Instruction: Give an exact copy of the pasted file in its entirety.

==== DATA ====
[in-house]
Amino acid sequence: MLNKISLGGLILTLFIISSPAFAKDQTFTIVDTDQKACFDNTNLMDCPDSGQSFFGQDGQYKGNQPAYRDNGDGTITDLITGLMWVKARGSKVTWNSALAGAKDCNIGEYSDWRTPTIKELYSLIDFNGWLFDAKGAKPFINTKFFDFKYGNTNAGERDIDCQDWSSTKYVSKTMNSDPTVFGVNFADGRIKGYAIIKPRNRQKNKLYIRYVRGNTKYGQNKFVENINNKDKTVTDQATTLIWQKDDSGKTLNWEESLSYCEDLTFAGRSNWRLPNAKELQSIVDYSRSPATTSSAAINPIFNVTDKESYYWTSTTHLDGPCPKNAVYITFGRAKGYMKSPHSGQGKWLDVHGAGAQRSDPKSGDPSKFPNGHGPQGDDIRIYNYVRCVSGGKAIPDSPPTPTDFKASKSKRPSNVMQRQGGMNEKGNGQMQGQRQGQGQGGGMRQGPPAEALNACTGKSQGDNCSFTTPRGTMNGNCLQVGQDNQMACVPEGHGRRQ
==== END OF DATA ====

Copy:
[in-house]
Amino acid sequence: MLNKISLGGLILTLFIISSPAFAKDQTFTIVDTDQKACFDNTNLMDCPDSGQSFFGQDGQYKGNQPAYRDNGDGTITDLITGLMWVKARGSKVTWNSALAGAKDCNIGEYSDWRTPTIKELYSLIDFNGWLFDAKGAKPFINTKFFDFKYGNTNAGERDIDCQDWSSTKYVSKTMNSDPTVFGVNFADGRIKGYAIIKPRNRQKNKLYIRYVRGNTKYGQNKFVENINNKDKTVTDQATTLIWQKDDSGKTLNWEESLSYCEDLTFAGRSNWRLPNAKELQSIVDYSRSPATTSSAAINPIFNVTDKESYYWTSTTHLDGPCPKNAVYITFGRAKGYMKSPHSGQGKWLDVHGAGAQRSDPKSGDPSKFPNGHGPQGDDIRIYNYVRCVSGGKAIPDSPPTPTDFKASKSKRPSNVMQRQGGMNEKGNGQMQGQRQGQGQGGGMRQGPPAEALNACTGKSQGDNCSFTTPRGTMNGNCLQVGQDNQMACVPEGHGRRQ